Sunday, February 26, 2012

Video Game Sales Down - Tabletop Games Up

Well, I had a completely different post in mind for today but after seeing some good news for a change I decided to pass it along.

Confirming what I have posted about apparent sales in the tabletop market in general and the word out of GenCon last year the numbers are out and rather staggering.


This should come as no surprise, but this should:

Video games sales down, hobby games up in 2011

"In a move that may reflect the shifting United States economy, video games sales plummeted 38% and hobby games sales are up 25%."

(Read More)

So, I feel pretty good that what appeared to be happening last year was sustainable, that Pathfinder continues to grow (and they deserve it - watch the videos at YouTube from GenCon for what else to expect this year from Paizo-that Bestiary Box is MINE) and for all the naysayers who say we are just a tiny speck of gaming goo and that everyone quit table top to play video games I get to proudly stand and say:


(Coming Next Time - The Consolidation Update - The Future of the Eternal Keep - CRoA Update - More)

Wednesday, February 8, 2012




2000 - Wizards of the Coast release D&D 3.0 and the SRD under the newly created Open Game License. Tabletop Role-Playing Games are saved by this initiative.

2008 - WotC ceases production of D&D to focus on their primary product line Magic: The Gathering.

Smaller companies, led by a bold start up-Paizo, begin to produce role-playing games that go back to the roots of the hobby using the Open Game Content from the SRD and newly created OGC sources.

2010 – The rpg ‘industry’ finally succumbs to the growth of the ‘hobby business’. With the rise of the internet and its many tools, game production takes on a whole new meaning. It is now possible to design and produce gaming materials and distribute them on a completely different scale. With the advent of Print on Demand (PoD) and digital publishing through the PDF format gaming experiences a renaissance and player numbers and sales continue to increase, a trend started in 2004.

2011 - The game market coalesces around the Open Game concept. Many declare it to be a new Golden Age of gaming, a network of players and publishers world wide, creating and sharing games of all genres while exploring the outer boundaries of the Old School Style along with the new mechanics being created on almost a daily basis. A successful GenCon finds most vendors in good spirits as sales continue to increase.

2012 – The End of the Beginning. New technologies have allowed players and publishers greater freedom to create and play than ever before. With the growing use of VTT, Social Networking sites, and A/V hardware/software and more traditional digital methods like PBeM and forum more games than ever are being played by a growing group of diversified gamers. The hobby is seen to have come full circle but now that circle goes, not around a city, but the entire planet. And with hand held mobile devices increasing in popularity and software rising to meet the challenge games can now be played by anyone, anywhere at anytime.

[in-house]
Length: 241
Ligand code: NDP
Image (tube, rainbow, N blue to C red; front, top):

The Revolution is complete.

Now, all you have to do is press the button to complete this timeline reset. This may be accomplished by verbal authorization in the comments section below.



Tuesday, February 7, 2012

New Post

Ya know, I keep trying to post something and by the third line I'm dropping so many f-bombs I would have to change the settings on the blog to mature.

The more I look at it the less I understand.

Now keep in mind, I'm not talking about 4e fanboys or 'whatever' gamers (they play whatever is new).

No, I'm thinking about all the posts I have read over the last 2 years that has not let up on how:

(A) Nobody cares what WotC does next.

(B) WotC...who?

(C) "It'll be a cold day in hell..."

(D) "D&D...are they still doing that?"

You get the idea...and don't act like you don't recognize some of those...I have a LOT more...

I think the guys summed it up best:

Steve: Ahhhhh!

Zack: Calm down, Steve. Gygax and Arneson are both dead. They can't hurt you anymore.

Steve: People cried about them dying, but when Gygax went what we really lost was a final authority on all rules arguments. And even though the number I had for Gygax was probably no longer in service, I always had that reassuring feeling like if I was really in a jam and my characters were insisting they wanted to grapple someone I could call up Gary and ask him how to resolve it.

Zack: He's gone now, Steve, but his spirit lives on in the exciting new 4th Edition of- I can't even type that out. Does anyone play that?

Steve: It's pretty fun.

Steve: For stupid babies.

Zack: I would imagine Gygax had his detractors back in the day.

Steve: Gygax didn't have 50 writers and 100 artists and color printing. He just went out there and said, hey, here's how you subdue a dragon and sell it as a slave. Here's what a robot is doing in a fantasy game. Deal with it. I made it up, deal with it.

Zack: And now a committee has designed everything.

Steve: The stupid baby committee.

So I wonder...where does that leave us now...a game that turns out like Republicare? (You get to call it Obamacare when you pass the version he wrote, not the one the Republicans agreed to vote yes for).

Just think, if the game sucks you get to blame yourself...pretty slick maneuver isn't it?

Player #1 - Man, this D&D 5e blows...

Player #2 - Well, you designed it.